SIGAVDI #91: Sweet Potato Pie Edition

Hello friends,

What’s this? Two SIGAVDIs in two weeks??? OK yes I admit it, I’m using this to procrastinate on my email.

Schnappi, my self-appointed “pet”, has been growing bolder. Does anyone know what to feed an anole?

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SIGAVDI #90: Chicken soup edition

Hello friends,

I’m back in Tennessee, having recently weathered a (gorgeous) mountain snowfall and a (less gorgeous) fever over Christmas. In my client work I’ve been working a lot on Rails test profiling and optimization, something I’m hoping to bring to RubyTapas in upcoming weeks.

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SIGAVDI #89: Apple Pie Funnel Cake Edition

Hello friends,

There’s a shiny red convertible in my garage. Some mornings I look out the window and it’s sunny and bright and I think, what a perfect day to go for a drive. Then I discover that since the last time I took the car out, one tire has gone soft, the battery is dead, and someone (me) deposited three milk crates of old Dr. Dobbs’ Journals on the seats for lack of a better place to put them.

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That’s So Fetch

It’s time for another dip into the RubyTapas archives! In this third and last episode on Ruby’s #fetch family of methods, now free to all, we get into some advanced #fetch usage. Including: deep fetching, using the name of the missing key in fallbacks code, and why I never use the two-argument form of #fetch.

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Re-Use SSH Config Inside Docker Containers with WSL2

Docker and WSL have been getting more and more chummy lately. The Docker Desktop WSL2 backend integrates Docker containers with the “official” integrated Windows/Linux ecosystem (boy that still feels a little weird to write…) and gains performance perks in the process.

However, I ran into some trouble recently getting SSH to work inside of a Docker container. As I’ve written about before, I like to bind-in my credentials from my host machine, rather than proliferating credentials into containers. When a container needs to SSH out to the wider world, that means binding in my .ssh directory from the host, e.g. with a docker-compose.yml:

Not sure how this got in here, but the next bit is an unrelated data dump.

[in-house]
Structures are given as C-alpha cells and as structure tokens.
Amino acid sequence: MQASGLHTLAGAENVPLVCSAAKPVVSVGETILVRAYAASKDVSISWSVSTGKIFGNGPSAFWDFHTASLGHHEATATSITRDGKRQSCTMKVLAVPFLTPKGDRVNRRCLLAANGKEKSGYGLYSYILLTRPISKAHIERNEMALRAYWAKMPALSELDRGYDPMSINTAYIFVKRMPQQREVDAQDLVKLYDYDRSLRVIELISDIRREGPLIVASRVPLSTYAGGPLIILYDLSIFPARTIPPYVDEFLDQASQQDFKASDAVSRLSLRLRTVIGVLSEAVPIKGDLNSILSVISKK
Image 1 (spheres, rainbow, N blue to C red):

volumes: 
      - type: bind
        source: ${HOME}${USERPROFILE}/.ssh
        target: /home/${DEV_USER:-abapa}/.ssh

Only one problem: volumes mounted from the Windows side are mounted via drvfs, which by default projects all files as having mode 777 on the Linux side. And SSH will refuse to use certificate files that are world-writeable.

After a bunch of research and some trial-and-error, I found a solution that’s working right now (2020-10-24). Recent versions of drvfs allow NTFS-hosted files to have fake Linux-side effective permissions attached to them, via NTFS extended attributes. And the docker-desktop distro that Docker Desktop installs has this feature enabled:

PS> wsl -d docker-desktop
# cat /etc/wsl.conf
[automount]
root = /mnt/host
crossDistro = true
options = "metadata"

Notice the options = "metadata" line in /etc/wsl.conf.

So the trick was to open a WSL terminal in that distro and set the desired effective owner and file permissions:

PS> wsl -d docker-desktop
caroline:/tmp/docker-desktop-root/mnt/host/c/Users/avdi_000/.ssh# chown -R 1000:1000 .
caroline:/tmp/docker-desktop-root/mnt/host/c/Users/avdi_000/.ssh# chmod -R u=rwX .

These aren’t “real” file attributes, since Windows has a very different permissions model from Linux. But they get saved as file attributes and treated as the effective file permissions inside WSL distros with metadata enabled.

Notes:

  • -R makes the change recursive through directories.
  • User/group 1000 are a common default user/group ID for containers.
  • File mode u=rwX recursively sets files to readable/writeable by owner, and directories read/write/traversable by owner.
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Controlling superclass argument pass-through in Ruby

In Ruby class-based programming, superclass versions of subclass methods are always invoked explicitly using the super keyword. There are some nuances to using super though, particularly when it comes to passing (or not passing) arguments and blocks along to the base class. In this sample from from the RubyTapas archives, we’ll talk about some of those “gotchas”.

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Ruby Singleton Objects

Here’s another freebie from the deep RubyTapas stacks. This one is about a truth of object modeling that we don’t often talk about: not every object needs to have state. If an object has no state, there’s no need to have more than one of it. And for stateless objects, having a class just to generate a single instance may be superfluous!

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